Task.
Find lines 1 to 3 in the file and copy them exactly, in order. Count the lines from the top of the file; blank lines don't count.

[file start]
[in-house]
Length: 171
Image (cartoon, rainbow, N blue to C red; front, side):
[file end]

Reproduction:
[in-house]
Length: 171
Image (cartoon, rainbow, N blue to C red; front, side):